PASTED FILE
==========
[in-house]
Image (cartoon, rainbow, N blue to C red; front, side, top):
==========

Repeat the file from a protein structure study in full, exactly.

[in-house]
Image (cartoon, rainbow, N blue to C red; front, side, top):